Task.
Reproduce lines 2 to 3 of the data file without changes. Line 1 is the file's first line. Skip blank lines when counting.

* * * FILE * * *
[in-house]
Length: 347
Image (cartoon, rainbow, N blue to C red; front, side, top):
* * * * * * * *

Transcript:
Length: 347
Image (cartoon, rainbow, N blue to C red; front, side, top):